From 1 July, 2012 all skilled visa applicants are required to submit an Expression of Interest (EOI) through the Skilled Migrant Selection Register – commonly known as SkillSelect. The purpose of SkillSelect is to match the best qualified applicants to the number of skilled visas available.
EOIs are placed on the SkillSelect and are ranked within their occupation according to the number of points scored on the visa points test. Each month the Department of Immigration selects those applications most highly ranked in each occupation to receive an invitation to lodge a full visa application. However, with the impact of Covid-19 the ITA rounds are currently every 3 months. Once an invitation is issued, applicants have only 60 days to lodge a visa application with all supporting evidence. This means a skills assessment and (if applicable) an English test should be completed prior to submitting the EOI as 60 days is not long enough to obtain these. EOIs remain on the SkillSelect until they receive an invitation or for two years. As new EOIs are continually received, only those with a competitive points score or those that are selected for sponsorship by a state or territory government will receive an invitation.
An occupation ceiling has also been set by the Department of Home Affairs (DHA) to ensure that an even spread of occupations receive visas each year. The occupation ceiling places a limit on the number of visas available in each occupation annually – once this limit is reached applicants in that occupation will have to wait until the next visa programme year (beginning every 1 July) to be eligible to receive an invitation. Because of this, submitting an EOI earlier rather than later is advised.
When submitting an EOI, applicants can indicate that they wish to be considered for state or territory sponsorship. If doing so, they elect which states/territories they are interested in being sponsored by – their sponsorship options being limited to those states/territories which offer sponsorship to their occupation. State and territory governments then search the SkillSelect and using their own selection criteria choose who to sponsor from those interested in line with their State Migration Plan. Those selected by a state/territory for sponsorship will then receive an invitation to lodge a visa application from DHA.
If they also choose, applicants can indicate that they wish Australian employers to have access to their information on the SkillSelect. Interested Australian employers can then contact applicants directly regarding sponsorship through the separate employer sponsorsed visa programme.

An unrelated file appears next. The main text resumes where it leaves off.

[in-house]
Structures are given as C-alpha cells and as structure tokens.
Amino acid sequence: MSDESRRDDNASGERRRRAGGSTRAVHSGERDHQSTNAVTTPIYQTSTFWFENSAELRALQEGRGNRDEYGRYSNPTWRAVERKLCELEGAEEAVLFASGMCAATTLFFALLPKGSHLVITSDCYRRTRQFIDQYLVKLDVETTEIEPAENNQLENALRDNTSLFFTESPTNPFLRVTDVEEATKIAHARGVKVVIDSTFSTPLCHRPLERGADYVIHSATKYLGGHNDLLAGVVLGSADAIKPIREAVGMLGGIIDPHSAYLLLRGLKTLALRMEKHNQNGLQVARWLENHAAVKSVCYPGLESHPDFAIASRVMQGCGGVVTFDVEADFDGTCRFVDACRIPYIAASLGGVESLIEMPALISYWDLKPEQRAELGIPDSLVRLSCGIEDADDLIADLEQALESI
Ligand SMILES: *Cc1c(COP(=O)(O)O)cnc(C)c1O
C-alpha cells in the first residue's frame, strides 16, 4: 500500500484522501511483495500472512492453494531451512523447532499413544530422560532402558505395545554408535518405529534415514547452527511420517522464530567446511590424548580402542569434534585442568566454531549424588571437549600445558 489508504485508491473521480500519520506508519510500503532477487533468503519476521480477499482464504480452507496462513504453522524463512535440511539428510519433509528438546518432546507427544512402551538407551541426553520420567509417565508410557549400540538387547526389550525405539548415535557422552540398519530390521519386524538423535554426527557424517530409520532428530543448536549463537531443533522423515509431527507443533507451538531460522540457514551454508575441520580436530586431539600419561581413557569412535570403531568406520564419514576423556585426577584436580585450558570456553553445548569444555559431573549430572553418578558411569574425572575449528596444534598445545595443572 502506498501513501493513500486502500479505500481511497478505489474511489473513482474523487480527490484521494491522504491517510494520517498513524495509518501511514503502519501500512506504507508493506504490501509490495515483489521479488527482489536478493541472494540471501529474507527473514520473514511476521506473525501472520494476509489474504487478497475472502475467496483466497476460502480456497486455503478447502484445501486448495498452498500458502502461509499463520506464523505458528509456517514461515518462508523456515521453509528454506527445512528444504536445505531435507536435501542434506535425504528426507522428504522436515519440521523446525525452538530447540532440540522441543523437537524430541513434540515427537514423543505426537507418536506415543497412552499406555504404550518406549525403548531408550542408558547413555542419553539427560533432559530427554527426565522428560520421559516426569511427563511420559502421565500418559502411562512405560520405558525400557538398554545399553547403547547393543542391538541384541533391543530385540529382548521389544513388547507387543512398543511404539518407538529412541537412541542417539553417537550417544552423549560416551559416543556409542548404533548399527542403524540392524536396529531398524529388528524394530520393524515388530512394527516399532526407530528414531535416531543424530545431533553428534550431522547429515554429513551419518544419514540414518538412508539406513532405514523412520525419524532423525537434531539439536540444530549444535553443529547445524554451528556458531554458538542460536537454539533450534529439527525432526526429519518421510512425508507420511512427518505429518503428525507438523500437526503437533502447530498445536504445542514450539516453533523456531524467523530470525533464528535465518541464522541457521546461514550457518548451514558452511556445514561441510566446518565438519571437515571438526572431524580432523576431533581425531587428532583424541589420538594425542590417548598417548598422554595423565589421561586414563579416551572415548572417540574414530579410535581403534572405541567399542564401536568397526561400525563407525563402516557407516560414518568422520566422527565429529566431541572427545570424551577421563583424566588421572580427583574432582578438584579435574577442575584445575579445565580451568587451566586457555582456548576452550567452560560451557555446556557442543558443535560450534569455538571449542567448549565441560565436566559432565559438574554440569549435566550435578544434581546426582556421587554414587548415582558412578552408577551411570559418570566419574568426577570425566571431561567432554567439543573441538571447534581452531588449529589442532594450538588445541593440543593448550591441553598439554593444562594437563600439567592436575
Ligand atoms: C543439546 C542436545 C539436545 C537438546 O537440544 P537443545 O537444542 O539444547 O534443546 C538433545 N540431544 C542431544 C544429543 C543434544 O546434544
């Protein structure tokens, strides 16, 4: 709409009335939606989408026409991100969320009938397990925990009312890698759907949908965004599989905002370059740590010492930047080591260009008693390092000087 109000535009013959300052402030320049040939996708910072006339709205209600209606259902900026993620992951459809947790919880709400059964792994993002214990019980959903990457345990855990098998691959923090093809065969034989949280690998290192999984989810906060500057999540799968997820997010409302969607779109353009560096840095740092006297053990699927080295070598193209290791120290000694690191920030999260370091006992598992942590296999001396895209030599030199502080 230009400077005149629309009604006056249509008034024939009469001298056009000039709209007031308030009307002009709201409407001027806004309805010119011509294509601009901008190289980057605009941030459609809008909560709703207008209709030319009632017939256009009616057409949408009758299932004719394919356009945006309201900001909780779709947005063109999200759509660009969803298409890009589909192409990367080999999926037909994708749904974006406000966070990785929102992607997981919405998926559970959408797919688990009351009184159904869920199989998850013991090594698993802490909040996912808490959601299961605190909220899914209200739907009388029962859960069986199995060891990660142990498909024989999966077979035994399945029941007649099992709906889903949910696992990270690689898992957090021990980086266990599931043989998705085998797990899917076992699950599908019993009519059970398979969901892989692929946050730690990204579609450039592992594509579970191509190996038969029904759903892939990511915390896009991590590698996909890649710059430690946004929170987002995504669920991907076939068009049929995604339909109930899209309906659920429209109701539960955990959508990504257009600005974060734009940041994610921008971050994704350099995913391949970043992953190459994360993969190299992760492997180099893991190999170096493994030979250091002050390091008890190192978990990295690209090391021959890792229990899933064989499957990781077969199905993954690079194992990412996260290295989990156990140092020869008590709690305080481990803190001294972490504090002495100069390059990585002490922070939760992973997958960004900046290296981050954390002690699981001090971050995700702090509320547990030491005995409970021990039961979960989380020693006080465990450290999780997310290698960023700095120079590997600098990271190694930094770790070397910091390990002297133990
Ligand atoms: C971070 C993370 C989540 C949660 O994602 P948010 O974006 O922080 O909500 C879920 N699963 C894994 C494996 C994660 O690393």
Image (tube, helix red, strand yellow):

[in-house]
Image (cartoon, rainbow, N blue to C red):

An EOI application requires biographical information to be provided, including qualifications and work history. It also requires a claim for points to be made against the visa points test. Supporting documentary evidence is not required at the EOI stage. All information provided and points claimed must though be honest and entirely correct as the EOI will be later cross-matched against the final visa application where comprehensive supporting documentation is required. Any discrepancies or points illegitimately claimed will likely lead to a visa application refusal and could also result in you receiving a three-year ban from applying again because of application fraud.
Because of this, a strong EOI application that is entirely accurate is important. Likewise is consistency between the EOI and subsequent skilled visa application. A professionally prepared EOI and visa application lodged by a Registered Migration Agent, therefore, provides your best guarantee of success. We can also ensure you obtain the maximum number of points to ensure you are well placed to receive an invitation to apply.
By completing our free visa eligibility questionnaire we can provide a detailed assessment of your visa eligibility, including your points score and also details on which states and territory sponsorships are available to you.
Australia’s immigration law is complex and constantly changing in accordance with the government’s specific migration objectives.
Legal requirements for Australian visas are strictly enforced and applications are closely examined for compliance to determine whether applicants have the necessary skills to benefit Australia.
It is important to engage the services of a Registered Migration Agent (RMA) who is trained and experienced in the intricacies of Australian immigration law. RMAs are authorised by the Australian Government to provide migration advice and undertake continuing professional training to keep up to date with changing visa policies and regulations.
Making a mistake on your Visa Application because you have tried to do it yourself can be very expensive to rectify and can result in your application being delayed and even failing.
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